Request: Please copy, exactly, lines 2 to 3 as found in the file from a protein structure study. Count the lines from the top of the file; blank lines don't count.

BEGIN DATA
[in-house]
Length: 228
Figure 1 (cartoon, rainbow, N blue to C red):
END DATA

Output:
Length: 228
Figure 1 (cartoon, rainbow, N blue to C red):